The common law rule’s development and rejection is discussed in three dated but interesting decisions of the United States Supreme Court.  See Beard v. United States, 158 U.S. 550 (1895), Rowe v. United States, 164 U.S. 546 (1896), and Brown v. United States, 256 U.S. 335 (1921).  Each decision reversed a federal conviction for manslaughter on the basis of jury instructions that incorrectly imposed a duty to retreat on the defendant.

There are relatively few Wisconsin cases on this topic.  The leading case, Miller v. State, 139 Wis. 57, 119 N.W. 850 (1909), precedes the 1955 Criminal Code revision, when the current definition of the privilege of self-defense was adopted.

Miller involved a killing that followed a drunken argument at Bromley’s house.  Miller, Bromley’s housekeeper, was charged as a conspirator.  The victim and two other men were ordered to leave Bromley’s house and, after some scuffling, they did.  The victim returned a short time later, asking for his coat and hat.  Bromley shot him in the chest with a rifle and killed him.  Bromley was standing at his front door at the time; the victim was a short distance away in the yard.

Many errors were argued on appeal.  With respect to Bromley’s claim of self-defense, the Wisconsin Supreme Court found that the jury was improperly instructed.  One of the errors was the requirement that the defendant should have retreated if the incident occurred outside his house.  The court rejected this as “offend[ing] against the long-established law of this state.”

The ancient doctrine requiring the party assaulted to “retreat to the wall,” . . . may have been all right in the days of chivalry, so called, but, by almost common consent of the moulders of the unwritten law, in later years, it is unadaptable to our modern development and, therefore, has been pretty generally, and in this state very definitely, abandoned.  It has been superseded by a doctrine in harmony with the divine right of self-defense; the doctrine that when one is where he has a right to be and does not create the danger by his own wrongful conduct, he may stand his ground. . . .

139 Wis. 57, 75.

The error was found to be harmless, however, since the court found that there was no evidence to support the defendant’s claim that he reasonably believed it was necessary to use deadly force when the victim returned, unarmed, to the house to ask for his hat.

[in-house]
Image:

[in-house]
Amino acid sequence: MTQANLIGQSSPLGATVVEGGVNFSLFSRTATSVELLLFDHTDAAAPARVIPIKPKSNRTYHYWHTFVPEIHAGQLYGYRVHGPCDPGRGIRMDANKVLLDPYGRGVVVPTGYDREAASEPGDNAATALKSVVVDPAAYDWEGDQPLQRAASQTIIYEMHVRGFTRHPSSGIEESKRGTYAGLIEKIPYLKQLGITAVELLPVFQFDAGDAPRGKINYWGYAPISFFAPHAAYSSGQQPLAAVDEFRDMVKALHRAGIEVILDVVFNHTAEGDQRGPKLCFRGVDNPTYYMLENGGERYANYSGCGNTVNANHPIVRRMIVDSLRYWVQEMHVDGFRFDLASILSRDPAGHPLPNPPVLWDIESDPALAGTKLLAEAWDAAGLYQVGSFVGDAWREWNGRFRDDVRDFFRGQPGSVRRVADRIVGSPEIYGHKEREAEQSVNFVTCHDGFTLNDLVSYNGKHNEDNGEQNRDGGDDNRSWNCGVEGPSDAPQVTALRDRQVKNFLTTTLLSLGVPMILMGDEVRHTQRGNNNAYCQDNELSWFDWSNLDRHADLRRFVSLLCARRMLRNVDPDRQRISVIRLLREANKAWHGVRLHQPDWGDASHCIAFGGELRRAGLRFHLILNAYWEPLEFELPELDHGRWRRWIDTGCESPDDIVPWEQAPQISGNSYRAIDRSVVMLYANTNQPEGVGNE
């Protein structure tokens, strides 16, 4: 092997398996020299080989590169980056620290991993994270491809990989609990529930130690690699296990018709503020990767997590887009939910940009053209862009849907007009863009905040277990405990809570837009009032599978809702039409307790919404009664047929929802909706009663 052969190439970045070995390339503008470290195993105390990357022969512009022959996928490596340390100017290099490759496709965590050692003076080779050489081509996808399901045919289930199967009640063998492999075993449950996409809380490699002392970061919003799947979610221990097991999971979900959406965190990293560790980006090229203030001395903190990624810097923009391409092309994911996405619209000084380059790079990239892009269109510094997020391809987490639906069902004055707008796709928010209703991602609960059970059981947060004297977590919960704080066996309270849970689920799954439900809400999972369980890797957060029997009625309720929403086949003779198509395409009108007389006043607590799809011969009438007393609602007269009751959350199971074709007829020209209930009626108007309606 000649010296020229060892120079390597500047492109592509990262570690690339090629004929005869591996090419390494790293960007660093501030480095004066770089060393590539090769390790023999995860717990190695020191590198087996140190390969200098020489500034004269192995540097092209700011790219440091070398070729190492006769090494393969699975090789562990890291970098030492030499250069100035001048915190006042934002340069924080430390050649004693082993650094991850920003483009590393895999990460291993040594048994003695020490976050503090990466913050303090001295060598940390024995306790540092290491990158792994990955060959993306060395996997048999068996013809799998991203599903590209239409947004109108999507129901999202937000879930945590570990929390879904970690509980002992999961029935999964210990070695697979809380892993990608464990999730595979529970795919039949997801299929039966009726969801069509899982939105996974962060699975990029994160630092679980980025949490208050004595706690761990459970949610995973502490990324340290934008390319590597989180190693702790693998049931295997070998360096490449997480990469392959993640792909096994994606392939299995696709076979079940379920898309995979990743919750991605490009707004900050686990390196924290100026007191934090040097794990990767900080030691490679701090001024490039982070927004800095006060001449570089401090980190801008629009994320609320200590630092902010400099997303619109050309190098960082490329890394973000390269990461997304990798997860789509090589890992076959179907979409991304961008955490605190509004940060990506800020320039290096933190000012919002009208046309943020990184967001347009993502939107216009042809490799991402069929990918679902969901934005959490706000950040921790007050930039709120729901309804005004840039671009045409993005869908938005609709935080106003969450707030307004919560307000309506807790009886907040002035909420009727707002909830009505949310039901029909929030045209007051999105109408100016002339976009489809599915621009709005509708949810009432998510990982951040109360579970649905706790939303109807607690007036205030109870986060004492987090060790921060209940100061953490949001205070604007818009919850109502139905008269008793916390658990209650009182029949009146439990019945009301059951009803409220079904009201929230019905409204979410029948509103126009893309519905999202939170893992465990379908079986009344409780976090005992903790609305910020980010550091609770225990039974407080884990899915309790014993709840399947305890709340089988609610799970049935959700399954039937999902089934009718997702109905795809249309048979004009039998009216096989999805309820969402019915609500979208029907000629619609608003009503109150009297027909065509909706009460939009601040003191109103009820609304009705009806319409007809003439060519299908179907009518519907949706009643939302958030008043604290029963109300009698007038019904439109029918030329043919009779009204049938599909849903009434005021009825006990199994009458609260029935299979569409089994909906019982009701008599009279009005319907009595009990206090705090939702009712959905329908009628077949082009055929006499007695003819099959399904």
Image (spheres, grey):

State v. Kelley, 107 Wis.2d 540, 319 N.W.2d 869 (1982), considers retreat only in passing.  A fight erupted at the home of Kelley’s friends.  Kelley went to the home and was told that Lowery was in the house and had a gun.  Kelley went into the house.  Lowery fired a shot at him, hitting Kelley in the right hand and wounding another man, Burgess.  Kelley continued up the stairs in pursuit of Lowery and was shot by Lowery again, this time in the left hand.  Lowery ran into a bedroom and closed the door.  Kelley fired three shots through the door, killing Lowery.

Kelley appealed his conviction for manslaughter, claiming that the evidence showed his conduct was completely privileged.  The Wisconsin Supreme Court upheld the conviction, finding the evidence sufficient to show that a reasonable person would not have believed himself to be in imminent danger after Lowery went into the bedroom.  Further, the court found that the evidence was sufficient to show that the amount of force used was excessive.

The reference to retreat came in the context of analyzing the sufficiency of the evidence:

After the defendant had been shot, Lowery disappeared into a bedroom.  There was nothing at this point which prevented the defendant from retreating to the first floor rather than proceeding to the second floor.  Furthermore, Lowery’s disappearance, along with the fact that defendant had received two relatively minor wounds, is sufficient evidence upon which a jury could find that a reasonable person would not have believed himself to be in ‘imminent danger. . . .’

107 Wis.2d 540, 548

State v. Herriges, 155 Wis.2d 279, 119 N.W.2d 850 (Ct. App. 1990), involved a person who physically resisted police when they attempted to arrest him in his home.  He was charged with battery; only nondeadly force was involved.  The trial court instructed on self-defense, including the rule that a person who provokes the attack must retreat to regain the privilege.